8. Paul, The Red Line travels College to serve the people that live there. Nobody lives near Keystone Avenue. It was designed around cars. College Avenue had a street car line running up and down until the 1950’s, so you get lots of houses and small clusters of businesses. Keystone was developed after the car was king and like you pointed out, while it has lots of businesses, it does not have the population density.

    Speaking of population density, I don’t know where your density stats came from, but Indianapolis is far from the worst for density. You left the king of urban sprawl off your list and that is Atalanta GA. Indy does lack some of the density, but the BRT seems like a perfect compromise between cost vs service.

    I have already mentioned that as a former state highway (US 40), Washington Street, from an urban design perspective needs a sever diet to bring it back in line with current traffic loads. It will make it more people and transit friendly. I know you bemoaned the subsidies, the only way Washington Street is going to get curbs and sidewalks and maybe even proper drainage is with a Federal subsidy, since the state is dead set against properly allocating street dollars.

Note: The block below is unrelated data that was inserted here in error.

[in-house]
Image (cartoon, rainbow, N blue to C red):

Wile the Red Line got off to a terrible start, it is just one piece in a multi year plan to change the transit system in Indy. Once all of the BRT’s are running many of the bus routes are going to be revamped to become branches on the BRT lines. It is transit “SYSTEM”, and not just a few busses.

    In addition, the College Avenue businesses along have complained about loosing parking to the now failed electric car share service, but I don’t think I have heard one complaint about the new traffic that BRT brings.